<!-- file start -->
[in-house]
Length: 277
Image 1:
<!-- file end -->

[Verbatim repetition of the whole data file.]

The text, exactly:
[in-house]
Length: 277
Image 1: